At first, I thought my discovery of this might not be that relatable. But is that really true? Everyone has their ‘thing’, their ‘it’, their struggle, and man I struggled to find my source of that struggle for almost exactly 20 years. LOL. Haha, I just typed LOL because I think that’s funny. I have prided in myself for so long in my ability to objectively assess, stay disciplined, be goal-oriented, but I have been blindsided for so long. It’s strange. I’m hoping that my discovery of this, and my struggles through this, can -- I’m not even sure what I’m trying to say. But here is me, this is my chapter in this struggle, and read it as is, I guess.

And yes, I am aware that I am in some ways dealing with a first world problem, if you want to call it that. I do try to keep perspective. But you know... everyone of has their own Everest. For some, it may be about survival. For some, it might be about health. For some, it might be about wealth. In a way, trying to break down our individual lives and life purposes in one or two words, phrases, or even sentences is silly, too, I know. But this is my current goal, struggle at the moment, and I intend to pour everything into it. And for that, I can’t judge me, nor should anyone. It is what I want to do at the moment, and that’s okay.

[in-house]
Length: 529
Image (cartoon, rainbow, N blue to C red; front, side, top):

Ever since I became aware of this, and reminded myself to forgive my 14 year-old self, my natural growth mindset in me started to kick in. While before the perfect storm of the ‘complete loser syndrome’ kicked in whenever I struggled to learn a concept, or complete an exercise, now... not so much. I watched a video the other day where a programmer said that he had always felt that if others could program, he could learn as well. And I realized “Hmm... that’s true. Why can’t I?”


I can no longer deny that I’m learning. Maybe not fast enough. Maybe not good enough. But I’m learning, dammit.

I can no longer accept that I’m a complete loser at programming. No, I fight that thought. I fight it with everything I’ve got.

I belong in coding. I belong.